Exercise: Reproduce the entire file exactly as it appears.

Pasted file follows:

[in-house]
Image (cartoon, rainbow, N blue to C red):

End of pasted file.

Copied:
[in-house]
Image (cartoon, rainbow, N blue to C red):